- Hollis Johnson
In October 2015, DJ Khaled’s eighth album, “I Changed a Lot,” debuted at No. 12 on the Billboard album chart, moving an unremarkable 19,000 copies in its first week.
It was the lowest-selling album of Khaled’s career.
The LP’s tepid performance suggested that the once-ubiquitous Miami DJ – who boasted several platinum-selling hip-hop posse cuts (“We Takin’ Over,” “All I Do Is Win,” “I’m on One”) between 2007 and 2011 – had steadily lost his tastemaker’s touch in popular culture.
Everything changed in December 2015, when Khaled got lost on a jet ski in the Atlantic Ocean and took to Snapchat to document his journey to safety. Khaled’s footage of the event went viral, and he became a Snapchat phenomenon.
Now, with over six million followers on Snapchat, Khaled’s daily presence on the app and other social media has proven to be a colossally rejuvenating marketing tool for the 41-year-old producer.
In July 2016, buoyed by his millions of new followers and revived visibility, Khaled rode a wave of popularity to his first number-one album, “Major Key.”
On the strength of his biggest single to date, “I’m the One,” his new tenth album “Grateful” (out this Friday) is looking like it will be the blockbuster event of his career.
Here are four ways DJ Khaled has recaptured the charts and revitalized his career:
He has turned Snapchat and social media into a powerful marketing force.
By rapidly accumulating over 15 million followers across Snapchat, Twitter, and Instagram, DJ Khaled has been able to resurrect a career that appeared somewhat lifeless just two years ago.
Deemed the “King of Snapchat” by Coca-Cola Senior VP for Content Emmanuel Seuge, Khaled has used the app to share self-help advice dotted with his many catchphrases (“Major Key,” “We the Best,” “Bless Up”), promote various consumer products, and tease behind-the-scenes studio updates.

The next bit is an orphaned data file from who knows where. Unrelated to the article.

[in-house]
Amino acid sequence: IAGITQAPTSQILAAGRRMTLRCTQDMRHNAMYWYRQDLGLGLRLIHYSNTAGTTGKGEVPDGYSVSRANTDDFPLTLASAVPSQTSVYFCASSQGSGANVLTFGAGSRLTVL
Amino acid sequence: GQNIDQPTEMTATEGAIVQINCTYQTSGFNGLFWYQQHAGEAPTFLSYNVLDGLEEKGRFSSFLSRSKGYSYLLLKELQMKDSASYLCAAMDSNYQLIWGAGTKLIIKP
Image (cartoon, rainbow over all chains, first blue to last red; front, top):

“Being authentic always wins,” Khaled told CNBC last week of his social-media presence. “When people see somebody that is just real, they love it. It ain’t no act. It ain’t no fake.”
He’s gone after the biggest names in the industry with “persistence.”
Since he released his first album “Listennn…” in 2006, Khaled has routinely attracted hip-hop stars like Lil Wayne, Kanye West, and Drake. But to get the upper-upper-echelon artists – namely JAY-Z, Beyoncé, and Rihanna – he’s had to put in years of effort and networking.
I spoke to Khaled briefly last year and asked him to elaborate on how he bought a condo and stayed in New York for a year just to get a verse from JAY-Z on his 2015 single “They Don’t Love You No More.”
“Yeah. I stayed in New York for a year to pull that off. Persistence and passion and dedication,” he told Business Insider of the effort. “It’s something I wanted to do for myself and the culture and the fans. It’s JAY-Z. All his verses are forever.”
He’s moved away from making traditional hip-hop and forged inventive pop hits.
Known for most of his career for facilitating conventional hip-hop group tracks, Khaled has moved more toward the mainstream this year by assembling a diverse collection of artists for innovative pop singles that sound like nothing he’s made before.
Khaled’s single “I’m the One,” featuring Chance the Rapper, Lil Wayne, Quavo, and Justin Bieber, became his first ever No. 1 single in May.
His most recent single “Wild Thoughts” pairs him with pop superstar Rihanna for the first time ever and features R&B singer Bryson Tiller and a guitar sample from Carlos Santana.
He had a son and made the kid a human meme.
- We The Best
Khaled turned heads and raised eyebrows in October 2016 when he took to Snapchat to document the entire birth of his first son, Asahd.
In the following months – in yet another genius, though slightly concerning, marketing ploy – Khaled has essentially turned Asahd into a human meme.
His infant son frequently appears on all of Khaled’s social-media accounts, and each of Khaled’s 2017 singles has featured Asahd in various adorable poses in the artwork.
The two album covers for Khaled’s new album “Grateful” find Asahd – the “executive producer” of the album – sitting in a gold chair and lounging in a hot tub.